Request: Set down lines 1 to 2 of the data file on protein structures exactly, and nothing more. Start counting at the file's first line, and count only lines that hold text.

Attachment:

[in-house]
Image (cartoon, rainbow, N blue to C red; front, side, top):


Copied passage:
[in-house]
Image (cartoon, rainbow, N blue to C red; front, side, top):